Category: Law and Inequality


More Thoughts on the Dangerous Fragility of Men

First, I want to thank my hosts here at Concurring Opinions for asking me to stay on for another month. One of the things this extended invitation allows me to do is to respond at some length to issues raised in the comments on my last post, “The Dangerous Fragility of Men.” In that post, I highlighted a troubling phenomenon: men with privilege and power characterizing their insecurities and lack of self-control as vulnerability, and using that alleged vulnerability as an excuse or justification for murder, rape, and discrimination (and I would add, though I didn’t discuss it in the post, harassment and intimidation). To demonstrate this phenomenon, I offered a sample of quotations from recent, high-profile cases including Oscar Pistorius‘ shooting of his girlfriend and the gang rape of an 11-year-old girl in Texas. The post suggested that our society should make a greater effort both to marginalize this cowardice and become more attentive to actual vulnerability. In this post, I’d like to elaborate on these ideas and address some of the objections raised in the responses to my post.

I first want to spend a bit more time on the question of perceived v. actual vulnerability. I noted in my original post that one of the perplexing aspects of this form of male vulnerability is that it seems to increase, rather than decrease, with power or privilege. Frequently, the men using weakness as an excuse or justification (or others offering such explanations on their behalf) for harm are people who are objectively less vulnerable than most. They include famous athletes, soldiers, and wealthy businessmen. I think it is worth spelling this out more explicitly: there is a tendency on the part of privileged individuals to overstate their vulnerability. This tendency towards exaggerated sensitivity is important because it stunts what might otherwise be a meaningful process of self-examination. Feeling vulnerable is not the same thing as being vulnerable, and even actual vulnerability might need to yield before (or at least take into consideration) the greater vulnerability of other people.

We are all vulnerable in certain ways. Figuring out the what and why of our vulnerabilities is an important part of psychological awareness and well-being. What is of most interest to me here, however, is determining the conditions under which it is permissible for us to impose our vulnerabilities on other people, especially when that imposition takes the form of violence or discrimination. In determining those conditions, I would suggest we should ask ourselves at least three questions. One, we should question whether our vulnerability is objectively reasonable. Vulnerability that results from personal insecurity or prejudice is not vulnerability that we may rightfully impose on others. It is our own responsibility to correct vulnerabilities of our own creation. Second, we should question the magnitude of our vulnerability, especially when put in perspective with the vulnerabilities of others. Third, even if our vulnerability is both reasonable and of serious magnitude, we should question whether we are imposing it on appropriate parties in a just and proportional way. Read More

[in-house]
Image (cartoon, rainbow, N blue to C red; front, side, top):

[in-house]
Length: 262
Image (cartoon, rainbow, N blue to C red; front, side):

Expanding Bob Jones University v. United States

In Bob Jones University v. United States, the IRS revoked the tax exempt status of two religiously affiliated schools because they discriminated on the basis of race. One school (Goldsboro Christian Schools) refused admittance to black students, the other (Bob Jones University) barred interracial dating and marriage. Both schools claimed that the discrimination was religiously mandated, and that the loss of their tax exempt status violated the Free Exercise Clause. The schools lost. The Supreme Court characterized tax exemptions as a taxpayer subsidy for charitable organizations that, at the very least, do not contravene fundamental public policy like our commitment to racial equality, and held that racist schools did not satisfy that requirement: “[I]t cannot be said that educational institutions that, for whatever reasons, practice racial discrimination, are institutions exercising beneficial and stabilizing influences in community life or should be encouraged by having all taxpayers share in their support by way of special tax status.” In addition, the Court held that eliminating race discrimination in education was a narrowly tailored and compelling state interest. The bottom line is that a university may discriminate based on race, but it should not expect to be considered a beneficial organization entitled to tax subsidies.